It also helps to have good relationships with your printer if you need to move quickly on a reprint, Sakowski advises. Another consideration is cash flow.
7. Avoid pulling inventory from other stores.
In the event that Sterling runs out of books at one location and needs to move them to another, it does, but it tries to avoid shuffling books regularly from place to place. “Freight is pretty expensive, so we try not to move inventory around,” says Leaver, who strives to know which outlets will be running low before it happens.
8. Invest in a good software system.
Sterling relies on a proprietary in-house software system to track inventory, while Berrett-Koehler and John F. Blair use Acumen. The investment and maintenance fees of any software program may seem high at first, but Sakowski says it pays off in taking a lot of the guesswork out of inventory management.
When Sakowski is running low on inventory and needs to consider a reprint, she gets reports from Acumen that show where every copy of a book was sold. “We start with the major wholesalers and chains to see how much inventory is just sitting there. We also call the chains if they’ve made large initial buys to see how their sell-though is going,” she explains. “We have, on occasion, requested that overstock be returned to us. … If it looks like the sell-through is good, we then have to rely on our gut feeling about how long the demand will continue,” she says.
9. Reconcile inventory at least monthly.
Berrett-Koehler does not own a warehouse, but sells through a fulfillment warehouse in Williston, Vt. All inventory movement is tracked through reports and is reconciled with Berrett-Koehler’s available inventory every month. “Trying to reconcile inventory once or twice a year is extraordinarily difficult in trying to determine what went wrong and when. It’s much easier to do when dealing with one month’s worth of activity at a time,” says Liss.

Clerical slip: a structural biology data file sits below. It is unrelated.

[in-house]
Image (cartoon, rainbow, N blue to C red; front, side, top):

10. Don’t overcomplicate matters.
Leaver believes that inventory management “is really an extension of marketing. It’s all about having a keen idea of what’s going on in the marketplace,” he says. “If you take large positions without analyzing the raw data, you’ll get things wrong. You need to look at the raw data and speak to the people. … If you rely on an off-the-shelf system, you’ll get it wrong. If you rely on anecdote, you’ll get it wrong.” It’s a balance of both, he says.
Cheryl Dangel Cullen, president of Cullen Communications Inc., has written 15 books on effective marketing, printing and graphic design. Contact her at www.CullenCommunications.com or (815) 469-5309.